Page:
Sunday, May 13, 2007

The Big War: "What Have We Done?"- Hiroshima by Laurence Yep

Laurence Yep calls this slim volume Hiroshima: A Novella, but it is less a fiction work than a literary docu-drama, shifting its focus, chapter by chapter, between deceptively ordinary morning life in Hiroshima on August 6, 1945, The Enola Gay and its attendant B-29's flying toward the city, and expositions of the history of the Pacific war with Japan and the history of the bomb itself.

In stark, almost journalistic prose, Yep describes an ordinary morning in wartime Hiroshima, as his fictional character, twelve-year-old Sachi, joins classmates in the labor of clearing fire lanes inside the city in expectation of American bombings. Air raid warnings, shelters, and pitifully ineffective hoods worn to protect against fire bombings are part of the children's daily experience, but no human preparations can shield them against the coming destruction. Above them the lead B-29 reports a propitious hole in the clouds directly over the city and signals the Enola Gay to begin its run over the city. As its crew records the incredible devastation below, the overwhelmed co-pilot scribbles the question humanity has asked since, "What have we done?"

On the ground Yep factually describes the unbelievable effects of the blast: the nuclear wind, the silhouettes of vanished victims burnt into concrete walls, the nuclear rain which both extinguished the fires and brought death by radiation to those who escaped the blast.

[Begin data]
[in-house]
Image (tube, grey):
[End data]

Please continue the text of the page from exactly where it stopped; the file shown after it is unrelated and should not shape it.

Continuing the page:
Yep backtracks to describe the Japanese attack on Pearl Harbor which began the war and the stubborn resistance of the Japanese people beyond the capitulation of the Third Reich which made the use of the atomic bomb seem inevitable. He moves forward in time to describe the reconciliation of the American and Japanese people, including the medical treatment of the Hiroshima Maidens, among whom he includes his fictional victim Sachi, and the peace movement which followed, touching upon the story of Sadako and the thousand cranes, the all-too-real threat of nuclear winter from the world's arsenal of weapons, and the nuclear treaties which now keep the threat of such weapons under tenuous control. Yep's final sentence is "It must not drop again."

Although this book is slim and the language simple, it is not a easy book for very young readers to take in. Its best audience would be middle readers, especially those who use Hiroshima as part of a class unit to explore the history and literature of this often glossed-over part of American history. Individual readers with some knowledge of the period will still find both facts and figures and ethical questions to ponder within. An extensive bibliography is appended.

Other significant works for young readers on this subject include My Hiroshima by Junko Morimoto, Hiroshima No Pika by Toshi Maruki, and Shin's Tricycle by Tatsuharu Kosama.

For capable older readers there is, of course, John Hersey's well-known work, Hiroshima.

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